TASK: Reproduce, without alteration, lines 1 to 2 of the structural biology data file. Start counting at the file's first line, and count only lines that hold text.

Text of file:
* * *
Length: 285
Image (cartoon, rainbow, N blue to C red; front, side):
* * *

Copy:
Length: 285
Image (cartoon, rainbow, N blue to C red; front, side):